MPs this week accused science minister Lord Sainsbury of being "astonishingly laid-back" about the threat of closure hanging over many university physical science departments.
The House of Commons science and technology committee quizzed Lord Sainsbury on Monday, alongside government chief scientist Sir David King and research councils director-general John Taylor.
Committee members said that they were worried that the government's top-up fees policy could further damage science courses, many of which are already facing the threat of closure because they are struggling to attract sufficient numbers of students.
Labour MP Tony McWalter attacked Lord Sainsbury for not taking more responsibility for the crisis.
Mr McWalter said: "I think this is so astonishingly laid-back, I really do.
In your written response to us about closures, you said the biggest problem is lack of demand from potential students. It seems to me astonishing if you don't feel you can have an impact in changing that."
Lord Sainsbury refused to be drawn on whether universities should charge lower top-up fees for science courses than for arts courses, saying it was a matter for individual universities to decide.
He told the committee that work was needed to make subjects such as physics, chemistry and maths seem more exciting to young people. But he insisted that science courses had to be market-driven.
Lord Sainsbury said: "I can't see value or merit in saying to universities you must run courses where you are not getting the people to do it. The thing that drives this has to be what young people want to do."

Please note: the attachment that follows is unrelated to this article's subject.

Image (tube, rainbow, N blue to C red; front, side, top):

He also acknowledged that there were too many researchers working on short-term contracts. He said the growth in science staff numbers over the past three years had been almost entirely in the form of temporary contracts, which were seen by vice-chancellors as the more secure option.
"This was not an efficient way to do it," he said.
Committee chairman Ian Gibson urged Lord Sainsbury to set a target for the maximum number of research staff on temporary contracts.
But Lord Sainsbury said: "I'm not sure how you'd make that calculation - though I have no reservation in saying (the number) is too high."
When pushed about the forthcoming spending review, Lord Sainsbury conceded that it would be a "tough" settlement for science, although he declined to comment on the likelihood of the budget being cut.
He said: "I've had no nods and winks about it going down, but no nods and winks about it going up either."
Sir David told the committee that the Office of Science and Technology was about to begin a comprehensive review of science in 12 government departments, starting with the Department for Culture, Media and Sport, which funds the British Museum and the Science Museum, among others.
He admitted: "There are weak and strong departments." And he told the committee that his job was to "simply raise the game in each department".
Lord Sainsbury agreed that there was room for improvement in the departments. He said: "There is an uneven quality of scientific expertise across government."